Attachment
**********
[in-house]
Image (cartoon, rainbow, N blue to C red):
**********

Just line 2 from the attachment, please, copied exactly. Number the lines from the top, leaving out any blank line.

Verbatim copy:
Image (cartoon, rainbow, N blue to C red):